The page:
Another thing the animation shows me is you're leaping into the pool before establishing depth.  You've gone all out with a detailed 10 frame animation but haven't nailed down continuity or flow between frames.  This is a big no-no and is only going to bring you trouble.





1.  What I've done here is smooth out the differences in continuity as much as I could between the frames, reducing the distortion of his legs (both width and height) as well as keeping the size of his shoes relatively consistent.

2.  Another issue was his stride.  His legs were swinging too far forward while only going a short distance behind, making him look like he was 'skipping' forward a bit.  I compensated for this by widening his back stride a pixel.

3.  He was dragging his right foot forward rather than lifting it, which I fixed.

4.  Tilted his torso forward somewhat so he didn't appear so rigid in posture.  Most people lean into their stride so this is not at all strange.

5.  Added some wire arms just to get a complete vision of movement going and added some torso shading as he brings the shoulders back and forth.  You can make the up swing more subtle than this, obviously, this was just an illustration to see some arm motion to go with the legs.

6.  Added a down step and a sustained up-step.  You can also do the reverse (2 down 1 up) if you want, though this results in a more relaxed appearance imo.


I've seen your edit below and it doesn't really address the issues I've covered here so this should still help you.  I'm being 100% serious when I say you need to work on the continuity of shapes FIRST.  Trust me on this.



« Last Edit: 15 Jul 2011, 19:28 by ProgZmax »

InCreator

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Re: Need walkcycle help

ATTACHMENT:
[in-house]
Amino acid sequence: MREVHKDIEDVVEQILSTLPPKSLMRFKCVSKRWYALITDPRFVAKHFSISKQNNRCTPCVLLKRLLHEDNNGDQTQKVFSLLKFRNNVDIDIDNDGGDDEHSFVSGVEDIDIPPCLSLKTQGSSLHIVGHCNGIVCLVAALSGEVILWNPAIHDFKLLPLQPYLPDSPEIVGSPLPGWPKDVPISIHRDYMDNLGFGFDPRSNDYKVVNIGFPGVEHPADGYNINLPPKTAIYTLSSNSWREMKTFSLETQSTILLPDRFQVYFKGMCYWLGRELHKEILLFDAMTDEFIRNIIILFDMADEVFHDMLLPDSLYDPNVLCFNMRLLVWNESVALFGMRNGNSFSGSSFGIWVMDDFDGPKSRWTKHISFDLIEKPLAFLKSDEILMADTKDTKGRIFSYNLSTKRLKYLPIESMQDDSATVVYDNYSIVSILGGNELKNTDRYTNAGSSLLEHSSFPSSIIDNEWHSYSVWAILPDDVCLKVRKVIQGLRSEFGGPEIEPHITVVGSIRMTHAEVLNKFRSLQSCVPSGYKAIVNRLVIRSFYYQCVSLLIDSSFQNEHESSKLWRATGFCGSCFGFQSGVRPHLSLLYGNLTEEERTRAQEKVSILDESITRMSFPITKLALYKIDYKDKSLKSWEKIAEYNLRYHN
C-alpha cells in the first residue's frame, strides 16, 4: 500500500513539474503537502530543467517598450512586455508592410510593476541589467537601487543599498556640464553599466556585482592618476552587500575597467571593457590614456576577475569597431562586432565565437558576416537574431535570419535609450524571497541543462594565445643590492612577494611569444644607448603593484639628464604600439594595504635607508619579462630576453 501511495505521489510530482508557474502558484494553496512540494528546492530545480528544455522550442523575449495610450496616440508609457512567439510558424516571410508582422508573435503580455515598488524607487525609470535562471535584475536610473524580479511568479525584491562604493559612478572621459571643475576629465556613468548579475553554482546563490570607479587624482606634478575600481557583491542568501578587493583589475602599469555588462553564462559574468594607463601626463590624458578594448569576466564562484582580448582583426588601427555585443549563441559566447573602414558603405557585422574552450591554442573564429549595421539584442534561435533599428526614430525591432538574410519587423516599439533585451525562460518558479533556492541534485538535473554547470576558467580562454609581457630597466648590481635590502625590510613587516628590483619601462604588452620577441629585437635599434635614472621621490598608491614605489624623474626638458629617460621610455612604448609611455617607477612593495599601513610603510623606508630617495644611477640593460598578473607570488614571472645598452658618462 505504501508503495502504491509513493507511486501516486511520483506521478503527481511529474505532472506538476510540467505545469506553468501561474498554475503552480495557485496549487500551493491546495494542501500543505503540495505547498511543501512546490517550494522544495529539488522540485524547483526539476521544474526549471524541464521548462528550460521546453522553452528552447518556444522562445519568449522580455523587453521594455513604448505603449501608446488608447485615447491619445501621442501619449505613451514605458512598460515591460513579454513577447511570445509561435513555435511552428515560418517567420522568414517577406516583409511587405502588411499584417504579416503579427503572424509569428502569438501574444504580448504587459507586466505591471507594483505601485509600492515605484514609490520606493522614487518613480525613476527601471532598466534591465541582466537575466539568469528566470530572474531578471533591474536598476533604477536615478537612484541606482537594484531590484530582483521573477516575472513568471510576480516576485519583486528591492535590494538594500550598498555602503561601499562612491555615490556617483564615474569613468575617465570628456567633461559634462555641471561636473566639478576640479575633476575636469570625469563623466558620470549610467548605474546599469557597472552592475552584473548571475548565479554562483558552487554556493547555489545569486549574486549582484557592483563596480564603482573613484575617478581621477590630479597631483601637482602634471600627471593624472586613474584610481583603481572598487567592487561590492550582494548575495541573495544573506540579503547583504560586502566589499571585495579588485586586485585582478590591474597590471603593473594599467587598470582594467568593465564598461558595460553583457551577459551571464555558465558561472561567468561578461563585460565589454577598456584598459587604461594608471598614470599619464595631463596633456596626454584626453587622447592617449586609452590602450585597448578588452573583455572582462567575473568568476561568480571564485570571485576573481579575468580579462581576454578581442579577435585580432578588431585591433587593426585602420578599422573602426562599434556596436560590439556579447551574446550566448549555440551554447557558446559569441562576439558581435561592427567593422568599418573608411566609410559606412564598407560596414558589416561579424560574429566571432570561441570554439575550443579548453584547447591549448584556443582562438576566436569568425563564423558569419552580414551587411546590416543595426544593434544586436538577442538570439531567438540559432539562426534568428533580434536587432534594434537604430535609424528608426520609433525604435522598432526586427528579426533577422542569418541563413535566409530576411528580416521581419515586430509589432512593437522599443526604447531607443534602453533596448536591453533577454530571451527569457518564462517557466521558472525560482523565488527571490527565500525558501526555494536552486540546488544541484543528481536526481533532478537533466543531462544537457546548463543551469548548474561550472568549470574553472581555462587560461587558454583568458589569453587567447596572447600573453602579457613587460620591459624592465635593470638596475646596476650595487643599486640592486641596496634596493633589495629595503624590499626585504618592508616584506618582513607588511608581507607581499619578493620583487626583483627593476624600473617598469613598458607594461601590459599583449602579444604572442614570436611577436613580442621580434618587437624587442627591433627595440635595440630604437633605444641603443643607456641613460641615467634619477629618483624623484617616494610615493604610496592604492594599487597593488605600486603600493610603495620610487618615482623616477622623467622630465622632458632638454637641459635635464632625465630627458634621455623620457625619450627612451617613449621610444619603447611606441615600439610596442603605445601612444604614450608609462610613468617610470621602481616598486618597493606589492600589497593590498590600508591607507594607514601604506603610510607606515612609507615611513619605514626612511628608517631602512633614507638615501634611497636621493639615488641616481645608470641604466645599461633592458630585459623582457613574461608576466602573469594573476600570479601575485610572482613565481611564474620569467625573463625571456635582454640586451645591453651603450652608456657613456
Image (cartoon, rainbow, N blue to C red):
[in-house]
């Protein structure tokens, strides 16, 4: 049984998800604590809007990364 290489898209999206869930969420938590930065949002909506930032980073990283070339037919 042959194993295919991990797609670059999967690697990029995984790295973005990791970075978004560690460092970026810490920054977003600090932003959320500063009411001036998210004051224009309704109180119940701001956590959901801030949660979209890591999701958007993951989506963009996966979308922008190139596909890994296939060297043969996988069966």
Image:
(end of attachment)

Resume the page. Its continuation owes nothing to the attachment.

« Reply #4 on: 15 Jul 2011, 19:31 »
The main thing you need to be wary of is proportions.  The size of the feet, the length of the lower leg, the width all change between frames on the animation and that distorts any attempts you can make at a decent animation, so this should be your FIRST point of focus.

How? Do I divide feet into two different-colored bits and stick-animate while measuring their size all the time or-- how?

It's not the animating I cannot do but technique I don't have.

Shane 'ProgZmax' Stevens

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Re: Need walkcycle help
« Reply #5 on: 15 Jul 2011, 19:37 »
Well, I suppose you could animate it as a stick design first.  It's not something I do, but it works for some people.  The main thing is just to constantly reference the PREVIOUS FRAME for guidance on how to maintain shapes, so after you draw the first frame of the animation and start on the second, go back and reference the shape of the shoes and where the bend in the knee is, etc, and translate that over.  Then do the same for the third frame (referencing the second) and on until you are done.  After a dozen or so of these you won't even need to do this because continuity will become a force of habit, though you'll always want to do tweaks here and there with the final animation.

I'd help you more if I could but I'm not an art instructor;  every trick I've ever learned came from reading, practice, or making LOADS OF MISTAKES.  Maybe a book on classical animation would help?

Edit:  If your animation program has ONION SKINNING as an option, this will greatly help you to maintain continuity as you can see a transparent image of the previous/next frame projected onto your current one.
« Last Edit: 15 Jul 2011, 19:42 by ProgZmax »

InCreator

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Re: Need walkcycle help
« Reply #6 on: 15 Jul 2011, 20:55 »
I usually draw as a strip, but can use layers to onion-skin. I'll try this, thanks.